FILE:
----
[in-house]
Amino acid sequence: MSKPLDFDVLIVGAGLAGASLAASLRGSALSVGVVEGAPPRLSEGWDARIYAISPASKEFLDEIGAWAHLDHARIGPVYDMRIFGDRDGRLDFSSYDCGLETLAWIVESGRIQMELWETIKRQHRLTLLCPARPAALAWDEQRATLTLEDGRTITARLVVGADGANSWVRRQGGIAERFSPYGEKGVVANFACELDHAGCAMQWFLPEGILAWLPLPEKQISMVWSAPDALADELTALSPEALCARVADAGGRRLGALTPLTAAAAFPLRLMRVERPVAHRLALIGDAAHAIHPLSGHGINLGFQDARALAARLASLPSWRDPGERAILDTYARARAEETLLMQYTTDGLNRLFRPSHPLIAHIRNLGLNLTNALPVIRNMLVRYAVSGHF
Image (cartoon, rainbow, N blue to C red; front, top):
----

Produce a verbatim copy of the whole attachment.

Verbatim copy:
[in-house]
Amino acid sequence: MSKPLDFDVLIVGAGLAGASLAASLRGSALSVGVVEGAPPRLSEGWDARIYAISPASKEFLDEIGAWAHLDHARIGPVYDMRIFGDRDGRLDFSSYDCGLETLAWIVESGRIQMELWETIKRQHRLTLLCPARPAALAWDEQRATLTLEDGRTITARLVVGADGANSWVRRQGGIAERFSPYGEKGVVANFACELDHAGCAMQWFLPEGILAWLPLPEKQISMVWSAPDALADELTALSPEALCARVADAGGRRLGALTPLTAAAAFPLRLMRVERPVAHRLALIGDAAHAIHPLSGHGINLGFQDARALAARLASLPSWRDPGERAILDTYARARAEETLLMQYTTDGLNRLFRPSHPLIAHIRNLGLNLTNALPVIRNMLVRYAVSGHF
Image (cartoon, rainbow, N blue to C red; front, top):